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Mr. Obama was meekly forced to acknowledge that “over the last two years, health care premiums have gone up.”

Mr. Romney also used the health care issue to promote his ability to reach across the aisle to get things done, pointing out that Mr. Obama failed to do that with Congress. No Republican voted for Obamacare. “I think something this big, this important has to be done on a bipartisan basis. And we have to have a president who can reach across the aisle,” he said in his strongest bid yet to reach out to independent and swing voters who are fed up with a dysfunctional Congress that can’t seem to pass anything to get the country back on the right track.

For 90 riveting minutes on nationwide television, seen by an estimated 60 million Americans, the president couldn’t make this election about abortion, Mr. Romney’s bank accounts or how much he pays in taxes — issues that have nothing to do with the problems facing our country and its economic future.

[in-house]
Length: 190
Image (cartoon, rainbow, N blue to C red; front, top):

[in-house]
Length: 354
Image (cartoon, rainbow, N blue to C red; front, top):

Instead, the debate was focused on the issue that Mr. Obama dreads most: a bed-ridden economy that has grown increasingly weaker under his inept, anti-investment, anti-growth, anti-job policies.

Throughout the slugfest, Mr. Romney landed one punch after another while Mr. Obama seemed to be playing rope-a-dope and was unable to respond with any effective blows.

Body language also worked against Mr. Obama. Mr. Romney looked directly at him on every point he made, as Mr. Obama looked down at the lectern and appeared uncomfortable.

“The American people saw the difference between a teacher and student,” said former New York Mayor Rudolph W. Giuliani.

Mr. Romney was teaching economics 101, but Mr. Obama still doesn’t get it.

Donald Lambro is a syndicated columnist and former chief political correspondent for The Washington Times.